Don’t Tell me ‘Women are too Complex to Understand’

Don’t Give me that Bull shit about Women being too Complex to Understand! A friend sent a picture the other day to an exclusively male whatsApp group I belong to. It had two piles of books. The smaller pile was labeled “Men” and the sky-high pile was titled ‘Women: Part I’.

It got me thinking about how somehow society has succeeded in describing female complexity as a defect that makes them too complicated, pedantic, untenably emotional and illogical, trivial and too serious, over thinking and mostly impractical. This view is in large part because the definition of what are the accepted levels of human complexity have somehow been defined mostly by men.

As a boy, I attended a single-sex boarding school and that shaped the early stages of my manhood. The type of manhood in which you had to somehow increasingly prove how much of a man you were by meeting a set standard of manliness–boys don’t cry, boys must play or love football or basketball, you must not be too expressive of your feelings of hurt or betrayal, you must not duel in conflict, you have to talk about girls and sex in graphic ways, depict yourself as having aggressive control over girls and how they are longing and lusting for you.

Somehow, in all of this, I never got one story of any friend who had experienced pain and heartbreak or who was struggling with those feelings. Everybody was a hard man!

Well, I later learned that some of the stories were made up to feed into the stereotype. Most of us were afraid of talking to girls; talk less of asking them out. But we imprisoned those feelings in this cage of pretence and hardness because we never wanted to be depicted as female-like. Somehow being female-like was a bad thing because you will be too deep in your thinking, prudish about crime and immorality, emotional and too soft, vulnerable to hurt and pain etc. This was the rule and I later learned that most boys had been brought up in similar ways.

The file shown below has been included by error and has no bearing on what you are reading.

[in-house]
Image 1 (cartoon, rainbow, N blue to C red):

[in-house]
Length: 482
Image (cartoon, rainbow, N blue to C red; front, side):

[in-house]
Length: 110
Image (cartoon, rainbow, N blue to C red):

Related Article:Ladies Here is How to Spot a Mature Man.

In the university I had a friend who cooked better than his girlfriend and loved doing it but was always shy about people knowing his love for cooking because it would make him look feminine.

I had been told a story of a friend who had broken down into tears when his girlfriend had jilted him and another who had attempted suicide by drinking bleach because his girl cheated on him. In these stories, the boys had been depicted as weak and feminine. They were supposed to just move on, put up a brave face, get another girl and remain hard men!

Vulnerability was not an option. In fact, the one who had attempted suicide had later tried wooing a girl, and we warned the girl to tread carefully because she might one day be handling his corpse if she dares to leave him.

In that sense, then you can understand why men will seem less complex because we have been given this strict guideline on what we must not do to make us look sensitive, vulnerable, and deep. We see women as some sort of aesthetically gratifying gender with very ornamental roles– with sex, domestic work and reproduction being foremost. So when they do not act within this stereotype, they become this complex equation that we can’t seem to crack.

My best friend is female. She is perhaps the most perceptive human I know and she has provided me with so much access to understanding women but also to understanding how less of a man I was by trying so hard to fulfill the stereotypes of a hard man. So since I grew to know her, she has been my sounding board on a whole lot of my emotional issues which ideally I had to bottle up to appear hard.

I began seeing that we were essentially alike. She made me understand how manly it is to accept my vulnerabilities and weaknesses, fears and complications and to see my complexities as clearly as they are. Not just as a man but as a human being. The first time I ever broke down in front of a female, we became closer, she felt she had finally gained access and she appreciated me more because I showed I had several shades.

These shades are what females show which we now give the epithets — too complex, too emotional, too sensitive, difficult to understand, nagging and for the men who have weaned themselves from the slavery of being a hard man, we call them feminine. That’s bullshit!

By Kwoh Elonge

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